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DC’s FanDome set the new gold standard for virtual events

DC’s FanDome set the new gold standard for virtual events


A virtual dome and excellent programming helped it succeed

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Host Aisha Tyler inside the FanDome arena.
Host Aisha Tyler inside the FanDome arena.
DC Comics

In a time when we’re oversaturated with virtual events, it’s impossible not to notice that most of them don’t exactly run smoothly. There are technical issues, sessions that run too long, and people so burned out on Zoom chats that sitting down for another video call on a Saturday afternoon is torturous.

It’s for these reasons that the sheer excellence of DC FanDome is so striking.

DC FanDome was an eight-hour virtual convention held by DC Comics and Warner Bros. to highlight some of the biggest films, TV shows, game, and comics announcements. The biggest panels — those dedicated to Warner Bros. and DC’s film slate, including The Batman, Flash, Wonder Woman 1984, and Zack Snyder’s Justice League — were sandwiched between short sketches, interviews, rapid Q&As, and little tributes to the world of DC. FanDome was a testament to the power of having a unique platform to showcase content and host talent, alongside nailing the programming lineup.

DC’s creative team, headed by chief creative officer Jim Lee, understands the biggest problem facing virtual conventions is how tedious they quickly become. We’re spending all of our time staring at a screen — phones, laptops, TVs, tablets — now even more so than usual. Asking people to spend eight hours staring at one screen without it feeling like a mind-numbing affair is difficult.

It felt like Lee and and his team designed around that monotonous feeling — especially the one that comes with watching a bunch of different Zoom calls back to back. FanDome panels were kept short and sweet, and the quick bites that appeared in between acted like mini breaks. Think of them less as commercials (remember when commercials acted as bathroom breaks or the perfect opportunity to grab a snack from the kitchen?) and more like the bumpers (or “bumps”) that played on Adult Swim. They’re just fun and weird enough, tailored for the specific interests of people tuning in to watch, to keep the convention feeling fresh all day.

A big part of what made that concept work is the platform. Unlike San Diego Comic-Con, which also went virtual this year with panel videos premiering across various YouTube channels, DC FanDome existed in a special-built, green-screen-reliant space. The way the virtual stage was constructed, it felt like there was a depth to the room that made FanDome seem much grander than any old room that we’ve seen on so many Zoom calls over the last few months. Guest video streams were placed on the walls of the virtual dome so they sat side by side, interacting with one another whenever possible.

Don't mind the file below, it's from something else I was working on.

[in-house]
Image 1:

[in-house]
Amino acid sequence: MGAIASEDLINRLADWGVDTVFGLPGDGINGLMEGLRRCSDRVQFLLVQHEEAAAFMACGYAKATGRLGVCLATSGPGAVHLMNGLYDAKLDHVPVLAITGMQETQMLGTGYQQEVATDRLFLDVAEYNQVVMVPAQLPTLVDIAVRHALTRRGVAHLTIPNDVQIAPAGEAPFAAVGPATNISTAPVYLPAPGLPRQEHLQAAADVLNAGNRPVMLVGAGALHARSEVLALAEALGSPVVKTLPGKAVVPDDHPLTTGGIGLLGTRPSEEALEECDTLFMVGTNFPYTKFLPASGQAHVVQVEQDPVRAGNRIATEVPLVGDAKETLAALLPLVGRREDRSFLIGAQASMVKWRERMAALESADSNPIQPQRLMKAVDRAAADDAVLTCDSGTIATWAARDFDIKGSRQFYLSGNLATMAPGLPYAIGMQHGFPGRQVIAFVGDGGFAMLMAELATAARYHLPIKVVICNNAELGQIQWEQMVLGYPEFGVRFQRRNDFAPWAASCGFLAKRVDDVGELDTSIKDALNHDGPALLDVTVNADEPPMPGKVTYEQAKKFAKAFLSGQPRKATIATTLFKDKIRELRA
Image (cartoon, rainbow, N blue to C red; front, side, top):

Director Matt Reeves in the virtual FanDome arena talking about The Batman.
Director Matt Reeves in the virtual FanDome arena talking about The Batman.

FanDome felt like a spectacle because it was designed to be one — and it worked. And because everything was housed within a specific DC Comics portal, WarnerMedia didn’t have to worry about panels accidentally running into copyright issues and not playing, like Comic-Con did multiple times.

Now, there are a few key things to point out: none of the panels seemed live. Interviews looked prerecorded. WarnerMedia (parent company of Warner Bros. and DC Comics) also has an in-house editing team. Being given time to edit together an eight-hour show is a lot easier to do than trying to work with live feeds from around the world. The teams had time to figure out how to make a virtual convention feel like something worth tuning into for eight hours. Even the convention’s cornier moments, and smaller panels that weren’t as interesting, worked because of how the entire event was planned.

Virtual gatherings aren’t going away. They’re still happening on YouTube, in games like Minecraft, and on new specialty platforms that brands are experimenting with on their own. Complex Networks, for example, is launching a week-long virtual convention called ComplexLand, designed to be a “virtual universe featuring customizable avatars, exclusive drops, musical performances, conversations, screenings and more,” according to a press release.

Virtual conventions are long. People are watching at home, in their rooms, instead of in giant ballrooms packed with other excited fans. Trying to bring some of that convention energy to people digitally is immensely difficult, but what FanDome proved is that figuring out pacing and giving audiences something to actually look at in place of Zoom call screens they’re already exhausted by goes a long way.